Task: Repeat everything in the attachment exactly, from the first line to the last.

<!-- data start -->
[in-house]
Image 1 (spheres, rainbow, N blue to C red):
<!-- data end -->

[in-house]
Image 1 (spheres, rainbow, N blue to C red):